The Progressive Overload Principle: Avoiding Workout Plateaus

Progressive Overload Definition

Progressive overload is the idea that in order to grow in size, strength, and endurance you have to continually adjust and increase the demand you’re putting on your body. Muscles need to work harder and longer than what’s become the “normal” to make changes. If the demand you put on your muscles is just maintained or decreases, your muscles can atrophy and lose strength.

The progressive overload principle can be applied to nearly any fitness program, from weightlifting to endurance running to HIIT programs. When you use progressive overload, you can increase your strength, size, endurance, metabolism, and cardiorespiratory system depending on the exercises and programs you choose to use.

If you stay stable with the same workout, targeting the same part of the muscle, with the same reps, and the same weight, you’re not going to see any changes. In all reality, your muscles become “bored.” There’s no need for them to strain, break, and grow if you’re doing the same exercises you’ve been comfortable doing. That’s why progressive overload training is so important.

Methods of Increasing Overload

Increase Resistance/Weight

Increasing the amount of weight you’re using will help to challenge your muscles, breaking down and reforming muscle fibers stronger and bigger than before. When increasing your weight, your reps will decrease at first. Eventually, you’ll be able to hit the same number of reps and will need to increase your weight again.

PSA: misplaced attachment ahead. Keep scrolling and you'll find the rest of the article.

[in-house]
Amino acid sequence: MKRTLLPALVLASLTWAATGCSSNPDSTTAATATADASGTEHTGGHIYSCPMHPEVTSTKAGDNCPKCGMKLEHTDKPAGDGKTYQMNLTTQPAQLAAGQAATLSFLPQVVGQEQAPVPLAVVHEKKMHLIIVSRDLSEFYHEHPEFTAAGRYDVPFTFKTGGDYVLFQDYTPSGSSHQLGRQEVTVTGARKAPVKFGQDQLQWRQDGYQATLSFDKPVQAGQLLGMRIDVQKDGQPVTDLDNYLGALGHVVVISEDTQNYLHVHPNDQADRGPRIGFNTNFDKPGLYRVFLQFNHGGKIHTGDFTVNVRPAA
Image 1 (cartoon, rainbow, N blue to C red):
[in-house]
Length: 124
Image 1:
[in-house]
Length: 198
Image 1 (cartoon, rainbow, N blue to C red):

Best for: Hypertrophy (Increasing Size)

Increase Reps

Increasing your reps is an alternative option to increasing weight. You should increase your reps until you can’t perform any more or until you hit 12 per set without stress. If you’re hitting 12 reps easily, up your weights. At that point you stop increasing size and strength and start working on minor increases to endurance.

Best for: Muscle Endurance

Increasing Sets

Increasing sets increases the total volume of overload you’re putting on your muscles. If you can normally hit 2 sets of 12 with relatively low effort, adding another set may put you into the amount over overload you need to increase your size and strength. If you feel that you’ve hit your max reps on a certain movement, you can add a similar exercise to target a different part of the muscle. Increasing the number of movements will also increase your overall training overload.

Decrease Rest Time

Decreasing your rest time is another way to increase your total overload. This is a way to effectively increase your cardio and heart rate, adding another level of difficulty to your sets. When you have less time to rest, your muscles have to work harder to perform.

Best for: Increasing Cardio Health

Increase Training Frequency

Increasing training frequency is a form of increasing overload that should be used sparingly. Training a specific muscle more frequently may help increase difficulty to boost size and strength. However, use caution as too much frequency in training can cause the muscle to atrophy without enough recovery time.

One at a Time

While all of these methods work to increase your size and strength by increasing your progressive overload, it’s best to use just one at a time. That way you can add on as needed. Maybe you increase reps first, then weight, then frequency.

The techniques you choose to use are dependent on what your goals are. A bodybuilder who is trying to build size is going to increase weight more than an endurance athlete who wants to build muscle endurance by increasing reps. If your goal is strength and size, try increasing weights first. If your goal is endurance or cardio health, try increasing reps and sets first. But remember all of these techniques can be used together. Once one stops working, you might want to try a different option.

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